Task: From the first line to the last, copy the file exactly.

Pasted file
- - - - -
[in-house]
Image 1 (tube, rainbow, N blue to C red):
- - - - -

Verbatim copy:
[in-house]
Image 1 (tube, rainbow, N blue to C red):